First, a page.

‘When No Man Was His Own’: Magic and Self-Discovery in The Tempest
‘When No Man Was His Own’: Magic and Self-Discovery in The Tempest In the article, ‘When No Man Was His Own’: Magic and Self-Discovery in The Tempest, Ellen R. Belton explains, in detail, the way Prospero’s magic helps characters find their true identities (128). Belton writes that Prospero’s magic has two sides: manipulation of nature and spirits of nature; and the attempted manipulation of human beings (127). Prospero’s success in natural magic is considerable while, according to Belton, he is “deluded about his own accomplishments” with his manipulation of human beings (127-128).
The magic Prospero has touches characters in three ways: physical coercion, control over his victims’ senses, and a type of hypnosis on his victims’ conscience (128). The last of which, according to Ellen, is the most important in Prospero’s task of testing all the inhabitants and visitors of the island. Belton goes on to list numerous other literary pieces and says none strike parallel with The Tempest (129). Belton suggests that, because of the sleep like trace Prospero puts his victims under, the characters compare their trances to dreams because it is the closest thing they can relate to (129).
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In her article, Belton includes a detailed story explaining instances where the power to paralyse, silence, or even induce sleep is used to overcome the magician’s victims (130). Prospero uses his ability to intoxicate his inhabitants, as stated before, to test the inhabitants of the island. Belton uses the example of Miranda’s trance and compares it to that of the charmed lovers in A Midsummer Night’s Dream and writes that this trance like state proves Miranda and Ferdinand’s affection is from an intuitive force that recognizes their affinity for each other (131).
Belton continues to describe other scenes in which Prospero tests each character and in turn, each character’s true nature is shown to the audience (131). Belton believes Prospero is saying that “sanity and reason, at least in ‘men of sin,’ interfere with self-knowledge’ (133). In the case of the third group, Belton writes, reason for Prospero’s art is nonexistent. Prospero does not need to use his magic on Stephano, Trinculo, and Caliban while they are drunk because this is the equivalent of the trances and they are faced with no true challenges.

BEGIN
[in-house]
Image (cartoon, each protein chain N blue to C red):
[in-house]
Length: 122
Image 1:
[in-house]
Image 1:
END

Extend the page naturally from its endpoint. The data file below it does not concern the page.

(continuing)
Their drinking only further shows their degraded nature and, according to Belton, it soon becomes a form of punishment. Prospero then presents their degraded character this way because when they’ve lost reason, they’ve lost the highest, and possibly the only, faculty they have. The Elizabethan interpretation of human behavior and the Neoplatonic philosophy exist side by side in The Tempest. Although Prospero says he has a traditional view of the human soul, Belton writes, his magic seems to show his view consisting of ‘mind’ ‘reason,’ and sense. The intuition mentioned earlier between Miranda and Ferdinand explains their inability to profit from Prospero’s magic. Finally, Belton writes, each character is eventually tested in two ways (135). First, Prospero reveals the ‘unique qualities’ of each character. Second, each character’s vulnerability to corruption is tested, Belton explains. Prospero liberates the human soul in The Tempest. Eventually, Belton writes, Prospero brings each character together and puts them in a type of moral hierarchy. While the audience, as well as Prospero knows the strengths and weaknesses of each character, the characters also know what has happened.
Belton states it is clear that Prospero reserves special affection for those who have remained perfect even though temptation was put in front of them. All this leads to one question Belton and the audience still have – does Prospero himself experience a similar self-discovery? Belton describes a detachment of Prospero’s own behavior and states that there remains conflicts and contradictions in Prospero’s handling of the sorcerer’s calling which suggest that his sense of his own identity is still incomplete (135). In her article, ‘When No Man Was His Own’: Magic and Self-Discovery in The Tempest, Ellen R.